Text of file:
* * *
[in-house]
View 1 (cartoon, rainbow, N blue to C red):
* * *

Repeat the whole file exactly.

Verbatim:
[in-house]
View 1 (cartoon, rainbow, N blue to C red):